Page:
Science doesn’t exist in a vacuum.
The discoveries JHSPH researchers make in the field or in the lab do not happen without the exchange of ideas or financial support from public and private sources. When researchers complete a research study, they want to ensure their scientific findings are accurately reported to policy makers, colleagues, potential sources of funding and the public.
Scientists have an ethical responsibility to share knowledge that can improve lives.
|Funding agencies and private donors can learn of your research.|
|Research can influence government priorities and policies.|
|Faculty can support the Bloomberg School by helping make its contributions known to the public.|
As the official voice of the Johns Hopkins Bloomberg School of the Public Health, the Department of Marketing and Communications articulates the School’s mission of life-saving research and education in ways that are clear, consistent and compelling.
Public Affairs promotes research studies accepted for publication, funding announcements, events at the School and other newsworthy topics.
A Guide to News Releases
News releases are sent to the media to pique their interest, revealing just enough pertinent information about a topic to give editors and reporters a quick understanding of a story. They can then contact us to receive copies of the study and schedule interviews. Here’s how the news release process works:
- When a study is accepted for publication, or when plans are finalized for an event, please let Public Affairs team know. For published studies, send us a manuscript or galley proof and the journal’s contact information.
- If we decide a project is newsworthy, we will meet with the study authors to discuss its details, draft the news release and send it to the authors for final approval.
- We then distribute the release to newspapers, magazines, online publications, television networks, etc. and post it in the News of the School website.
- For a few days before and after the news release’s distribution, the study authors need to be available for media interviews. A few notes:
- We can help authors prepare for interviews with reporters.
- We are responsible for escorting all television crews, reporters and photographers while they are on campus.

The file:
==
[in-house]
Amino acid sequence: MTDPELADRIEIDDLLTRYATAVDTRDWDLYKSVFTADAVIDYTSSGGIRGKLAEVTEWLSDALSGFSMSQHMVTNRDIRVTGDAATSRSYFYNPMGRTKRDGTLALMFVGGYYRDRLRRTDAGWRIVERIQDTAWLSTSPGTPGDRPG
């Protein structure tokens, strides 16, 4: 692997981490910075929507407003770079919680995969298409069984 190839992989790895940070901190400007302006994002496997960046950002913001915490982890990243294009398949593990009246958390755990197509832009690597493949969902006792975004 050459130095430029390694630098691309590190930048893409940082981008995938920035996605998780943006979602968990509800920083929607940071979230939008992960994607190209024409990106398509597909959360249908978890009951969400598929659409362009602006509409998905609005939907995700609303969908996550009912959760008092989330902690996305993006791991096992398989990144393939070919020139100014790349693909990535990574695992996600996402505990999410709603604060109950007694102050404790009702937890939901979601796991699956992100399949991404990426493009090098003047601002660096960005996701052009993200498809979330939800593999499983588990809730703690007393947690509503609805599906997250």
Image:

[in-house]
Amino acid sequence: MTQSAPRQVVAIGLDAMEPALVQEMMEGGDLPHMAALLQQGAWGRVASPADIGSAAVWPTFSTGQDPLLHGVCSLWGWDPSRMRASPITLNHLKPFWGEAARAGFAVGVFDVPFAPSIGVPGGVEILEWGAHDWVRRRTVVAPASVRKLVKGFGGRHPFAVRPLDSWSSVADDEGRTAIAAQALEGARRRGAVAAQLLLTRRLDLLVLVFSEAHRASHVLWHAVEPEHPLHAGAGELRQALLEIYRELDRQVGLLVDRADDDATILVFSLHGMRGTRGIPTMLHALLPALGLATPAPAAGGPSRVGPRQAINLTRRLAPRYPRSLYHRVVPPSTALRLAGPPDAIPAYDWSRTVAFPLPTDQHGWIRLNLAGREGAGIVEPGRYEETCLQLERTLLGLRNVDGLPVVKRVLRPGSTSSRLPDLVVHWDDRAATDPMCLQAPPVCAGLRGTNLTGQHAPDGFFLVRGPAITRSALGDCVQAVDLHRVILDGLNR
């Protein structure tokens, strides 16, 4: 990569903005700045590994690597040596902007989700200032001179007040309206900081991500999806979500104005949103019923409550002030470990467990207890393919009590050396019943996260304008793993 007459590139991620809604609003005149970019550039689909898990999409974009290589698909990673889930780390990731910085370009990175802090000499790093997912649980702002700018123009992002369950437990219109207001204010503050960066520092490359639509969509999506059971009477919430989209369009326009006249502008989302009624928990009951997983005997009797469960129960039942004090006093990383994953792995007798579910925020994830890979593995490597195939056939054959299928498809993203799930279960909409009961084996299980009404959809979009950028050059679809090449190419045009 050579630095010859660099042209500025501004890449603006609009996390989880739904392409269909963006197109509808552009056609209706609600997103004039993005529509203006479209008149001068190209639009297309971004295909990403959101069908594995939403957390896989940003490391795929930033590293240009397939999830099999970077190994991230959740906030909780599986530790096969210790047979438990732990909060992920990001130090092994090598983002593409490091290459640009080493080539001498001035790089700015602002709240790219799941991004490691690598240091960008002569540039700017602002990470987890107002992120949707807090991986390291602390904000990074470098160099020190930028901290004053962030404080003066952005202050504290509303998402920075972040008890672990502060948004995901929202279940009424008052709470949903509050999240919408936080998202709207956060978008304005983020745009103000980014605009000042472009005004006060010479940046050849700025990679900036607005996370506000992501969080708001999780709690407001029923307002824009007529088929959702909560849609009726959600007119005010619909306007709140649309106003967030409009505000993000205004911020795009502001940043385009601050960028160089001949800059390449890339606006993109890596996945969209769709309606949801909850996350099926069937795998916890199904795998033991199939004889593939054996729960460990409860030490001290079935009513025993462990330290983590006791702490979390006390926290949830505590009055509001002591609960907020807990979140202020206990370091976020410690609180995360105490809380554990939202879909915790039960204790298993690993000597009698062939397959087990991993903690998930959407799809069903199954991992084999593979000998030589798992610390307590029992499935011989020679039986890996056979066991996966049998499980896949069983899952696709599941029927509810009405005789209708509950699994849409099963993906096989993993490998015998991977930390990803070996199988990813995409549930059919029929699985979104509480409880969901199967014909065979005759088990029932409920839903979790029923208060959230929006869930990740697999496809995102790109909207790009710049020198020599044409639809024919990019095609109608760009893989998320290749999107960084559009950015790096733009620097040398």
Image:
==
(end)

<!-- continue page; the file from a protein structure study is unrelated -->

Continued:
- We ask that, during interviews, faculty specifically mention their affiliation with the Johns Hopkins Bloomberg School of Public Health.
- If study authors are contacted directly by a reporter, please let us know.
In addition to news releases, we also publish short news stories on our website, but do not send these to the media.
News Media on Campus
Johns Hopkins is a private campus. Reporters, as well as video camera crews and still photographers, and other media who are interested in coming on campus, attending events or arranging interviews must contact the Public Affairs team to arrange for an escort.
Op-Eds and Letters to the Editor
Guest-written newspaper editorials called op-eds can help inform people about public health issues like air pollution, emerging diseases, industrialized farming, disaster preparedness and so on. We encourage JHSPH faculty to submit op-eds (usually 500 to 700 words) directly to major newspapers and can offer advice on how to do this. Letters to the editor, typically just 100-150 words, address specific comments made previously in a newspaper and generally have a greater likelihood of publication.
Media Training/Crisis Communications
We can assist JHSPH faculty with media training and crisis communications in one-on-one sessions. Advanced seminars with professional trainers can be arranged for a fee. In crises situations, we can assist faculty efforts and coordinate with the dean’s office, if necessary.
Our faculty members are available to speak as experts to the media, researchers and other institutions and prospective students. The School's Faculty Directory is searchable by keyword, and links to faculty members' webpages. Please contact Barbara Benham at firstname.lastname@example.org to help connect you with a faculty member.
Faculty webpages keep the public health community informed about research at the School. Keywords from these pages drive the “Find an Expert” feature on the School website. We encourage all faculty to update their key words regularly.
Faculty can also create or update faculty webpages from links on the Office of Communications and Public Affairs webpage.
To request help with public affairs and media relations, please contact:
Interim Director, Media and Public Relations
410-614-6029 | email@example.com.
The Office of Communication and Public Affairs' main office may be reached at 410-955-6878 or firstname.lastname@example.org.